Bannaker's Almanac

Benjamin Banneker (1731-1806) was an African American mathematician, surveyor, astronomer, and publisher of a series of popular almanacs. The details of Banneker’s genealogy and early life are obscure, but it appears he was the child of a free mixed-race mother and manumitted Black father. Banneker was largely self-taught and developed an affinity for astronomy which led him to produce a series of almanacs whose accuracy received praise from the noted Philadelphia astronomer David Rittenhouse. In 1791, he briefly assisted Major Andrew Ellicott in the survey of Washington, D.C. and devoted himself thereafter to producing annual almanacs, the last of which were published in 1797. He died in 1806 following years of alcoholism and, on the day of his funeral, his home and most of his writings were destroyed by fire, leaving only one surviving journal. Following his death, he became a folk hero with stories of his life and accomplishments blending fact and fiction.


Banneker wrote a now-famous letter to Thomas Jefferson on August 19, 1791, sending him a copy of his almanac and challenging the paradox of Jefferson’s slaveholding and authorship of The Declaration of Independence: 

… you clearly saw into the injustice of a State of Slavery, and in which you had just apprehensions of the horrors of its condition, it was now Sir, that your abhorrence thereof was so excited, that you publickly held forth this true and invaluable doctrine, which is worthy to be recorded and remember’d in all Succeeding ages. “We hold these truths to be Self evident, that all men are created equal, and that they are endowed by their creator with certain unalienable rights, that among these are life, liberty, and the pursuit of happyness.” … how pitiable is it to reflect, that altho you were so fully convinced of the benevolence of the Father of mankind, and of his equal and impartial distribution of those rights and privileges which he had conferred upon them, that you should at the Same time counteract his mercies, in detaining by fraud and violence so numerous a part of my brethren under groaning captivity and cruel oppression, that you should at the Same time be found guilty of that most criminal act, which you professedly detested in others, with respect to yourselves.[1]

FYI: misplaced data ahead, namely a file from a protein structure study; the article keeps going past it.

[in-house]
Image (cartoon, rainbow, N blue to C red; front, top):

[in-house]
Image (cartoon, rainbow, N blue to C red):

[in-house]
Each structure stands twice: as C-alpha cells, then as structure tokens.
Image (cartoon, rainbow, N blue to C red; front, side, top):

In his reply to Banneker on August 30, Jefferson wrote,

No body wishes more than I do to see such proofs as you exhibit, that nature has given to our black brethren, talents equal to those of the other colours of men, and that the appearance of a want of them is owing merely to the degraded condition of their existence both in Africa and America. ... I have taken the liberty of sending your almanac to Monsieur de Condorcet ... because I considered it as a document to which your whole colour had a right for their justification against the doubts which have been entertained of them.[2] 

The same day, Jefferson wrote to the Marquis de Condorcet:

I am happy to be able to inform you that we have now in the United States a negro, the son of a black man born in Africa, and of a black woman born in the United States, who is a very respectable Mathematician. I procured him to be employed under one of our chief directors in laying out the new federal city on the Patowmac, and in the intervals of his leisure, while on that work, he made an Almanac for the next year, which he sent me in his own handwriting, and which I inclose to you. I have seen very elegant solutions of Geometrical problems by him. Add to this that he is a very worthy and respectable member of society. He is a free man.[3]

Following Banneker's death in 1806, Jefferson’s 1809 letter to Joel Barlow expresses doubts about Banneker’s abilities, reflecting his contradictory views on race and intellectual capacity:

… the whole do not amount in point of evidence, to what we know ourselves of Banneker. we know he had spherical trigonometry enough to make almanacs, but not without the suspicion of aid from Ellicot, who was his neighbor & friend, & never missed an opportunity of puffing him. I have a long letter from Banneker which shews him to have had a mind of very common stature indeed. [4]

- David Thorson, 6/15/23

  Further Sources


  1. ^ Banneker to Jefferson, August 19, 1791, in PTJ, 22:50. Transcription available at Founders Online.
  2. ^ Jefferson to Banneker, August 30, 1791, in PTJ, 22:97-98. Transcription available at Founders Online.
  3. ^ Jefferson to Condorcet, August 30, 1791, in PTJ, 22:98-99. Transcription available at Founders Online.
  4. ^ Jefferson to Barlow, October 8, 1809, in PTJ, 1:588-89. Transcription available at Founders Online.